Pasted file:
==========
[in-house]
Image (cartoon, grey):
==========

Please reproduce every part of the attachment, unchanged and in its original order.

[in-house]
Image (cartoon, grey):